Try: Pullman Loaf ($6-12) | After gaining wild popularity as a sporadic pop-up project, the local fresh milled flour and bean supplier finally opened its fully-fledged brick and mortar bakery this past summer. Probably the most people-pleasing bread of the bunch is their Pullman Loaf – a slightly sweet pull-apart pan loaf that is almost as enjoyable to rip up with your hands as it is to eat.
Try: Baguette ($3) | Livia’s bread window/wall is inarguably the most appealing in the biz. It’s also mighty tasty. Their chewy sourdough spindles are honed to near-deadly points – all the better to impale your hunger on! – and are almost as much fun to unravel as they are to stuff in your face. The cafe’s Italian loaf ($8) is also flaky and fluffy perfection, and the Specialty Sourdough ($8) has taken on some dreamy incarnations like Pumpkin Seed Polenta & Parmesan and Potato Rosemary, but is a potential heartbreaker since its flavour rotates daily.
Try: Matchstick Rustic Country Loaf ($8) | When Matchstick’s sourdough program – developed by local cook/baker Annabelle Choi – kicked off several years ago, it was still a somewhat anomalous concept for Vancouver cafes. Although that’s changed enormously since, they’re still keeping it tight and sticking to just three solid to-go options – rustic country, seeded country and miche loaves (custom order only), baked daily at their Chinatown location.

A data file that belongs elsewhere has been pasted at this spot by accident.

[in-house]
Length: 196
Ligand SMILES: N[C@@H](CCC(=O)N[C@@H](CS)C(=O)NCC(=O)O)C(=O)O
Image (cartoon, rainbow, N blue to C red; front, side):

Try: Chocolate Sourdough ($10) | No joke, Nelson’s most decadent loaf is laced with cocoa powder and semisweet chocolate wafers. The price makes it a bit of a splurge but this a worthy indulgence.
Try: Disfunctionale ($7.50) | Decision-making at Purebread is never easy, but maybe this will help slightly: Made with spent grain – a brewing byproduct from a local brewery – this loaf is chewy, slightly malty and eco-friendly!
Try: Spinach Sourdough ($7.50) | Although procuring Ritchie’s more unusual breads requires a bit of logistical magic (she has an irregular Farmers Market schedule and occasionally does pop-ups) you can get her Country Loaf and other goodies from the new Prototype Cafe in Strathcona. If you do luck out, get the spinach sourdough. The small addition of rye flour adds an extra earthiness to the herbal and slightly sweet flavour of the dough. If you didn’t know it was loaded with spinach, then you’d probably think it tasted like sorcery…